— Kristy L. Rustay (the learning gardener)


Kristy Rustay said...

I link the posts I write to my Facebook page. My stepmother responded there.

Leanne wrote:
"Nice photo of Lily!! I checked with my brother-in-law Steve, I gave him some plants too, but his blossoms were devoured by rabbits so he never had squash either. I still have blossoms on my plants, but no realistic hope of anything
else at this late date. It was fun to share this adventure with everyone, though — thank you Kristy for getting us all involved!! Better luck next year...

rose gold said...

I also have problems with my squash. They have many flowers but never had any produce. I just hope that it will produce before the winter dome. So I can make some squash soup for a very cold season. Congratulations for your harvested squash.

Anonymous said...

I have two plants of Boston Marrow growing. There are at least nine squashes on my plant right now(It's early July) and it looks like more are starting. I have a well contained garden with no critters to steal my harvest. I've never grown these before and wondered about them, thus finding your blog. I'll let you know how they turn out. I'm looking forward.
Ps - I live in Santa Rosa, CA, land of Luther Burbank

Anonymous said...

I'm definitely interested in how they turn out. My boston marrow plants were never as successful as my aunt's, but I keep trying. I have 3 plants growing now. Now squash yet, but they are blossoming.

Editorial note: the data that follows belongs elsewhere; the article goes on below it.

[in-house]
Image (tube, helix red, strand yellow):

Last year I grew some pumpkins, and while researching the best growing practices, it was suggested to allow only one or two squash per plant to develop and to pinch off the others. Thus allowing all the nutrients to go to the chosen one or two. The same may be true for these large squash.

I wish you successful squash — they're delicious!

Anonymous said...

ILive in Lebanon, Pa and have planted Boston Marrows for the first time and am having great success so far. I have 6 plants I started from seed and have about 15 squash growing. My husband read that fish fertilizer and horse manure are good for veggie plants so this is what we have tried.

Anonymous said...

I grew 3 plants of this and have approximately 8 fruits growing. They are decent in size. I have them on a fence with slings holding them. I figure I've got a couple of weeks before I pick them. I'm trying to find if there are any tricks to grow them any better.

Anonymous said...

Yours seem to be doing better than mine. I planted only two this year, and each plant has one small-ish squash and several male flowers. Everything in my garden is late this year, so I'm not sure if they will mature in time for harvest.

My aunt Kristy was very successful with hers. Sadly, she is no longer with us, and I cannot go to her for advice. I do know that she used the black plastic around her garden plants. Maybe keeping the soil warm was her key to success — it's worth a try!